How Being a PI Affects My Writing

Pamela Beason has now retired from investigation work to dedicate all her time to writing, which is much more fun than being a PI. She’s also a hiker, kayaker, and a scuba diver, so those experiences make their way into her Sam Westin mysteries. Her investigation experience as well as her appreciation for animal intelligence shows in her Neema mysteries. And the Run for Your Life trilogy? Well, that’s just about how everything in life can go so wrong…

The Summer “Sam” Westin Wilderness Mysteries
The Neema the Signing Gorilla Mysteries
The Run for Your Life Suspense Trilogy
and more…

For most of the last ten years, I’ve been a part-time private investigator as well as an author. When I tell listeners that, the most common response I get is, “That must be fun!”

Well, no. It’s not usually fun. The real world is not like television. Investigation work can be interesting. It can be dangerous. And it is often depressing: nobody hires a PI when everything’s going well. We are always dealing with people in trouble. And you’d have to be a psychopath to enjoy surveillance. Things always go wrong when you’re on a stakeout. Ever tried to be inconspicuous while staying poised to snap that vital photo? There are way too many nosy senior citizens and block watch groups ready to call the police on that mysterious gal sitting down the street in a dark car. And don’t get me started on trying to follow someone in a vehicle.

One of the scariest aspects of being a PI is that we work with attorneys. Both sides watch PIs to make sure we obey all the laws, ready to sue if we cross the line.

I cannot write about any real cases I’ve worked on, but my mysteries often include character types and situations from my work, and my investigation experience definitely affects my writing. Here are a few things I always keep in mind in both my real and fictional worlds:

There’s More Than One Side to Any Story – As a matter of fact, there are as many “sides” as there are people involved. Take a bar brawl, for example. Each combatant will have his or her own story, and everyone in the bar will have one, too. And the cops arriving on the scene might have a completely different idea about what is going on, because they’ve been told by the dispatcher, who was told by whoever called 911, what to expect when they arrive. Each person’s life experience colors his or her opinions. None of us is completely objective. In real life, it’s fascinating to interview all the different parties and try to separate perception from reality. I worked on one case where each person’s story diverged wildly from the others, and the guy who was arrested in the wee hours of the morning turned out to have an identical twin to boot, so they weren’t even sure they got the right guy. I finally cornered the arresting officer and asked point blank if he understood who had done what. “Not a clue,” he said.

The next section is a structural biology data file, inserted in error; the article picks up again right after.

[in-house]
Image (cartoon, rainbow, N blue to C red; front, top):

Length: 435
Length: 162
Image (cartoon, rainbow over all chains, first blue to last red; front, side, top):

In my novels, this sort of investigation experience helps me concentrate on characterization and point of view. If you are a writer or just want to have fun as a reader, pretend to interview each character in a scene, and you’ll be amazed with what you discover.

Criminals Are Individuals, Too – Like most people, I’d love to be able to identify a criminal on sight. In a few cases, we can, usually because those criminals are severely mentally ill. The scary fact is that many criminals are charismatic individuals whose company we would enjoy most of the time. I’ve interviewed their victims, whose stories tend to start out like this: “I liked WhatsHisFace a lot, right up until he robbed me/stole my car/stabbed me with a kitchen knife.” And when I talk to these criminals (usually in jail, thank goodness), I often find them charming, too, although they have screwy logic. One fellow with a beautiful smile told me he shouldn’t be charged with illegal possession of a weapon (he was a felon on parole) because he really, really needed his guns to protect himself from the bad guys who wanted to steal the drugs he was selling. And, he added, he’d turned his life over to Jesus (again), so everyone really, really could trust him now.

Sometimes it’s hard to keep a straight face when talking to these folks.

Criminals can be loyal to their families and friends, love their dogs, be fine musicians or artists or accountants, whatever–they are individuals. So whenever I create a villain for a book, I try to make him or her as “human” as possible, with some sympathetic qualities.

Law Enforcement Officers Are People, Too – Police/FBI/Border Patrol, etc–all LE personnel are just as individual as you and I. They can be good or bad at their jobs, well educated or not educated at all (that varies tremendously across organizations and locations), prejudiced against groups of people or political affiliations, hot-headed or sweet-natured. So I try to make my law enforcement characters real, too, by giving them flaws and families and individual belief systems.

In my Neema series, I tried my best to make Detective Matt Finn a real person, with a failed marriage and a tough work situation as the new “big city guy” stuck in a gossipy small town where all eyes are on him.

People are often fascinated by the idea of being a private investigator, and they usually want to know what the requirements are and what the job is really like. So I finally wrote that all down in a little ebook that explains the skills you need and describes all the things that PIs do: So You Want to Be a PI? 

If you’ve ever toyed with the idea of becoming a PI, or if you’re writing or reading a book with a PI character, it might help you understand the realities of the investigation business.

All the best,

Pamela Beason